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Afghanistan | A Canal to Peace and Improved Livelihoods: Restoration of Occupied Irrigation infrastructure

Afghanistan | A canal to peace and improved livelihoods: Restoration of occupied irrigation infrastructure


Since 2016, Kotwal village in Chinarto district of Uruzgan province is facing severe security challenges constraining any kind of humanitarian assistance including strict movement restrictions for all civilians’ activities. The situation in this area got further aggravated when the Kotwal irrigation canal was used as a trench by cutting and enveloping with surrounding trees as pillars and covering it with tonnes of soil from top to make it safe against any form of external attacks. This also restricted the local farming communities from having access to irrigation water and agricultural lands. The closure of this irrigation canal that spans more than 25 km, resulted in more than 1,600 hectares of agriculture lands being cut-off from assured irrigation with high adverse impacts on the livelihoods of more than 1,200 households.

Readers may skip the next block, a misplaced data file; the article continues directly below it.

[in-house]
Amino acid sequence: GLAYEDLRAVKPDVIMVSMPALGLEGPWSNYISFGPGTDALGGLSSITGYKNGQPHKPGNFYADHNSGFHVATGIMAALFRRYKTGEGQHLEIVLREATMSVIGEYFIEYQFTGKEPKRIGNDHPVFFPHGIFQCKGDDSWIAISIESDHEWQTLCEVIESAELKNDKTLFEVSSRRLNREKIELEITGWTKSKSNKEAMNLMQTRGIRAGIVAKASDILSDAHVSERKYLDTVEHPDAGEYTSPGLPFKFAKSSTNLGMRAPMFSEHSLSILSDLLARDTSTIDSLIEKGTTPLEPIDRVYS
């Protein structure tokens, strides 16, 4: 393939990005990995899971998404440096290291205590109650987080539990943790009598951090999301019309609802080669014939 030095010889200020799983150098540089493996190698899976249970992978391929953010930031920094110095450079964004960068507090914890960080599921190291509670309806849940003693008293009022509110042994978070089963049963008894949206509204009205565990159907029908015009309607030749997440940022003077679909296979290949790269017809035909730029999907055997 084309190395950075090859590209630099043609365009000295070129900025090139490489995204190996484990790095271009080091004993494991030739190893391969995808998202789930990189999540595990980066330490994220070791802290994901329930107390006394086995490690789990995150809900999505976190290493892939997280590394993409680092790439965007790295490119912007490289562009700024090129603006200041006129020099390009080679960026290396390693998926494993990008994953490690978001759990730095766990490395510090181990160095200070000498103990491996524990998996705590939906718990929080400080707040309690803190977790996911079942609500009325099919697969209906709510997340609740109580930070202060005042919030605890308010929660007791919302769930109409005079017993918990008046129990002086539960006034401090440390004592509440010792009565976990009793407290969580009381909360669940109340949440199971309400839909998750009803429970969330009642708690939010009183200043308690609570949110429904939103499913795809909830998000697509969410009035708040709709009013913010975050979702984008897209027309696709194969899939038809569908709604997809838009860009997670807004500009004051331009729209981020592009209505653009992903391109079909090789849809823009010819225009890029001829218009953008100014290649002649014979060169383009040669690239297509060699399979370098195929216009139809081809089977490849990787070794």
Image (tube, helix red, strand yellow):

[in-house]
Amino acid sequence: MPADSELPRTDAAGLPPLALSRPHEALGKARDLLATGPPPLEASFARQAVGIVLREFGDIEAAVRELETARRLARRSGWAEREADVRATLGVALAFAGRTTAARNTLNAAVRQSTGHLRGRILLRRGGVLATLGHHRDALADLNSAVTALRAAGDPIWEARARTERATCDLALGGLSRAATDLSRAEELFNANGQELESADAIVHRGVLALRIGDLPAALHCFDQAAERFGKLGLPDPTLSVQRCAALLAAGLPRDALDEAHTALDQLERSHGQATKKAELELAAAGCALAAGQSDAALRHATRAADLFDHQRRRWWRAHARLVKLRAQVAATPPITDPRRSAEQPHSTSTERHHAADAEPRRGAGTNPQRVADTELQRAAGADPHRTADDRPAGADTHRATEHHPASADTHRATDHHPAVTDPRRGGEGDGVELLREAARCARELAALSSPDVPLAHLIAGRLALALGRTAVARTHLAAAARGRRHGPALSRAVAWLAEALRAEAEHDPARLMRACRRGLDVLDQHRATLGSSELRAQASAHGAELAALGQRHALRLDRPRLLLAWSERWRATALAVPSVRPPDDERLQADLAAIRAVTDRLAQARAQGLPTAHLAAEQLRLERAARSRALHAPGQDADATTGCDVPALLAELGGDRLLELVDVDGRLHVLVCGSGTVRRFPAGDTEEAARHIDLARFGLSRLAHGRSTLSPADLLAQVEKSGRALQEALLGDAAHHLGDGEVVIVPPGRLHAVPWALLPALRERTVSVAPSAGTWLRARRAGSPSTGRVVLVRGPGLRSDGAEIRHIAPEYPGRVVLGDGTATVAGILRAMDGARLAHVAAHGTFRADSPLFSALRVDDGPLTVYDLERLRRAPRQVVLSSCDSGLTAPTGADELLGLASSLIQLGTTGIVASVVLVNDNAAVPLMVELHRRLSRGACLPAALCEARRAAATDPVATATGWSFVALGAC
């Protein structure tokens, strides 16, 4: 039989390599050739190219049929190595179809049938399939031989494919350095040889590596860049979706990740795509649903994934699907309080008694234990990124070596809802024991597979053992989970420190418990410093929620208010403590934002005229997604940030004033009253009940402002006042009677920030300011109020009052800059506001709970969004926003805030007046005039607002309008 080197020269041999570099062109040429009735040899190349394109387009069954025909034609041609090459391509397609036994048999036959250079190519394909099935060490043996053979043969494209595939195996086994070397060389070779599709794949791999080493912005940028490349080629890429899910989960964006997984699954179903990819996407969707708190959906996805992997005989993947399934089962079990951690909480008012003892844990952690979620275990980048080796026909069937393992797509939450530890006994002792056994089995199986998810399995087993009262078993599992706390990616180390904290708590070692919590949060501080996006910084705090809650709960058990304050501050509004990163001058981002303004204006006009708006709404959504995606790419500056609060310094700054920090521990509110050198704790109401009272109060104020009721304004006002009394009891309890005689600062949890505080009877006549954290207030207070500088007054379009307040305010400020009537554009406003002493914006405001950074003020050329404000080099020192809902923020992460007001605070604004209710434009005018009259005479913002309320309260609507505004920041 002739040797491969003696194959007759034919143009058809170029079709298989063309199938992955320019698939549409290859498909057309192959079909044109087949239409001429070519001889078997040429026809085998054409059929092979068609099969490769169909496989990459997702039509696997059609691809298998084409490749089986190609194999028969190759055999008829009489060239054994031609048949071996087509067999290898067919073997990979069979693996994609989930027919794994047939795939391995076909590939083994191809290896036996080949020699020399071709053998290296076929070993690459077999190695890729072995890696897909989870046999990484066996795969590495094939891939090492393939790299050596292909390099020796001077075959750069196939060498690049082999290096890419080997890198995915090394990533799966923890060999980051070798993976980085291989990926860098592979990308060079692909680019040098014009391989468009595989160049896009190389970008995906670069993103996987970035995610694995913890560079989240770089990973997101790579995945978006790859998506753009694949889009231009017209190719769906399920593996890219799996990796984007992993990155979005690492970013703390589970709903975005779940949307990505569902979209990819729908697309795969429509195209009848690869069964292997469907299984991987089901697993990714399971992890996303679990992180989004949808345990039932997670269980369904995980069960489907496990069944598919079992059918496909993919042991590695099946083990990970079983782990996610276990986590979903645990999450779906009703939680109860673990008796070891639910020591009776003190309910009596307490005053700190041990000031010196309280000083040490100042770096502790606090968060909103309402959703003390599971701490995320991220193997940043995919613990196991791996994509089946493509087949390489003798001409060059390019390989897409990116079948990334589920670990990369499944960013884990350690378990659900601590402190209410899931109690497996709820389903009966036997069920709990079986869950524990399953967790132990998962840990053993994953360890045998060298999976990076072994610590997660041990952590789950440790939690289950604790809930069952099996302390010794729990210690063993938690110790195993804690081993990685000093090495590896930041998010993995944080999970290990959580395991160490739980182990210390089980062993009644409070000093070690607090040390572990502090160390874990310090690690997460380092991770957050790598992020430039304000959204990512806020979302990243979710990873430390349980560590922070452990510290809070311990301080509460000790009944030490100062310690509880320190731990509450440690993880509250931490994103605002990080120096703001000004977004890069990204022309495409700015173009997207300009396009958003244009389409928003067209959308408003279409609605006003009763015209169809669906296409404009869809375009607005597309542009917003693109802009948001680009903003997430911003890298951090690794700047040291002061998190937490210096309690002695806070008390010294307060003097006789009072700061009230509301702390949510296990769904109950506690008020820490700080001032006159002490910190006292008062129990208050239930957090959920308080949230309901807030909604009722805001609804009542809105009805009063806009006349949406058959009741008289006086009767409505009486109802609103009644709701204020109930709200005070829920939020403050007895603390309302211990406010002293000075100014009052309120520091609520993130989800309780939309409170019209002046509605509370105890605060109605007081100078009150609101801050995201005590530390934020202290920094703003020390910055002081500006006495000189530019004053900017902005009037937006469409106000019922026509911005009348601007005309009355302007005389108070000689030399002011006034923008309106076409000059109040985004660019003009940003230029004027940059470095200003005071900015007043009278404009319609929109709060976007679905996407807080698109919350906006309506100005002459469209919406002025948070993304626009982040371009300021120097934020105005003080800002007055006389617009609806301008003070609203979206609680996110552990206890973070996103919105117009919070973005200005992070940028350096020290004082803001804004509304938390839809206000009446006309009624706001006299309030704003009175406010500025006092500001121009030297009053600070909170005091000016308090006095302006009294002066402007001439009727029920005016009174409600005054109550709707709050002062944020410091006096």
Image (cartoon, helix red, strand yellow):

The population in Uruzgan, particularly in this area is highly dependent on agriculture and livestock to make a living. This coupled with the various recent shocks including the COVID-19 crisis, the continued conflict, unemployment, blockage of roads and complete besieging of some districts with no exemption for access to the basic commodities coupled with the traditional agriculture practices, damaged irrigation systems, the inability of access to irrigation water and agricultural lands, lack of access to certified seeds, and traditional food sources have adversely impacted food and livelihoods security in Uruzgan province. According to the recent Integrated Food Security Phase Classification (IPC) analysis report of November 2020, Uruzgan province has been classified as IPC Phase 4 with 45 percent of its total population facing acute food insecurity (IPC Phase 3 and above).